Notes from Budapest.

Before I decided to travel to Budapest I knew exactly two things about the place. One, they have the market cornered on paprika and two…uh…hmm. Okay, so maybe just the one. The question then: Why go to a place you know nothing about? Hmmm. Good question.

Actually, this booking to Budapest is a new trend—or in trading terms, a reversal of previous trends. Before, when living in the US and planning a trip to Europe I would shoot for long-pined after locations. Dreamed of places. I hit the big spots, long heard of, long imagined locales where I was long on facts and details…

“Okay. We have a week and a half. Let’s fly into Paris and out of London, hit the chunnel in between, knock out two major world centers, feel the tension that stretches over that Channel and get out.”

Or

“Italy. Fly to Rome. Then we have to do Florence and Venice. Fast train in-between. 10 days. Perfect.”

Isn’t that why all the guides have the 3, 5, or 7+ day itineraries. Two days longer in France? Rent a car and check out the castles of Normandy and Burgundy, maybe spend the night in Le Havre. In Italy longer? Check out Cinque Terre for breathtaking views and hikes. And there is a reason for those add ons. Those are heart-stoppingly vivid experiences. Everyone should hit those if they have the time.

But I find now that I am here some of that urgency has evaporated. I am a bit more relaxed with my plans now. I go sort of naively, thinking if I know nothing, I won’t be disappointed. Will I miss stuff? Absolutely. So it goes. There is little research done before, little fore-knowledge. Now the act of travel is an act of discovery. I go to Belgium and while there learn about it. Drink in the experience. And I book tickets to Budapest knowing only about their penchant for paprika.

But now something else…

Here are FIVE little bits of tid I’ve learned thus far:

1. Budapest is a spa town. All over there are thermal baths known for their rejuvenating and restorative properties. Some have been restoring and rejuvenating for centuries.

1a. The process for entering these baths is agonizing. You will need their restorative properties after dealing with the countless numbers of misdirection, dead end tunnels, poor signage and faulty equipment.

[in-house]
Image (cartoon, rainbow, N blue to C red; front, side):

1b. It will still be worth it.

1c. Bring flipflops.

2. Modern Budapest is the combination of two historical towns long divided by the mighty Danube River: Buda and Pest.

3. There is a network of underground tunnels below Buda Castle that have served all sorts of purposes throughout history, including smugglers’ den, torture chamber and prison. At one time King Matthias imprisoned Dracula there for (according to the museum’s own signage) anywhere from 10-14 years.

4. Budapest is still trying to come to grips with its past and with Communism specifically. Anecdotally it seems that Hungarians like to surreptitiously nod their head or tip their cap to Russia and Communism for their role in ‘liberating’ the country from Nazis and Facism they kinda don’t want to be their friend anymore. “Yeah, we had fun there for a while, pledged our undying love for each other, but it…uh…I’ve found something else. A representative democracy, and she’s dreamy.”***

4a. Communism has left its mark. You can move all our communist commemorative statues outside Budapest, but you’ll still have to ride in our trams and subways!

5. Lángos. Like all great countries, these folks have their own bit of fried dough, but theirs might be the best. There are a million different options but the favorite has to be this one: Hot out of the grease give it a brush of some garlic juice, top that with some sour cream and then a little soft shredded cheese. Come on!

More later…maybe.

***Upon further review and study, yeah they definitely don’t want to be their friend anymore. Turns out the Hungarian People’s Republic and its Communist appointees were as bad as Nazis, maybe worse. They arrested, relocated, dislocated, and murdered many a opponent in the years after Hungary’s ‘liberation’. So much so that a student demonstration turned into a bloody Revolution attempt in 1956, which seemed successful for a few hot weeks there, until it was brutally suppressed by mother Russia.

Yeah, so not so happy bedfellows these Hungarians and Communists.

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